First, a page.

Monday, February 2, 2015
Ask Linda #990-Casual water interferes with abnormal stroke
I had a situation recently where my ball was lying up against the roots of a tree. My playing partner suggested that I play my next stroke left-handed which would have meant that I would be standing in casual water and I could claim relief. Is this permitted?
As a follow on to this, if my ball was unplayable in the roots could I claim the same relief?
Lou from Dublin, Ireland
A player is entitled to relief from casual water that interferes with an abnormal stroke (e.g., a left-handed stroke for a right-handed player) when the abnormal stroke is reasonable under the circumstances [Rule 24-2b/17].
Let’s apply this statement to your two questions.
In the first, your ball is lying amongst tree roots in a position where it is unplayable for a right-handed stroke but playable for a left-handed stroke. The abnormal, left-handed stroke is reasonable in this situation. When you take your stance for the left-handed stroke, if you now have interference from an abnormal ground condition (such as casual water), or an immovable obstruction (such as a cart path), you are entitled to free relief. After your drop, if you are now able to turn around and hit right-handed, that is perfectly permissible.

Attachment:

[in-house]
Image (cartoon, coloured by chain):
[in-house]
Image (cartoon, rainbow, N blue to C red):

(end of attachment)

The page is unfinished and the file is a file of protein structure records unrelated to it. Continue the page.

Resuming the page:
In the second question, your ball is unplayable amongst the roots regardless of whether you try to hit it right- or left-handed. In this case you are not entitled to turn around for a left-handed shot and claim free relief from the casual water, since the casual water is not the culprit. The roots are interfering with your ability to hit the ball.
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